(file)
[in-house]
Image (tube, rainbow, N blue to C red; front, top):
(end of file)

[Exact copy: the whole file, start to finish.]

[in-house]
Image (tube, rainbow, N blue to C red; front, top):